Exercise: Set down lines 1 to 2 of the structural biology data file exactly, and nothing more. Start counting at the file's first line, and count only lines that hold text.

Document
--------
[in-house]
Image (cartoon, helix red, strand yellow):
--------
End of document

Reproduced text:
[in-house]
Image (cartoon, helix red, strand yellow):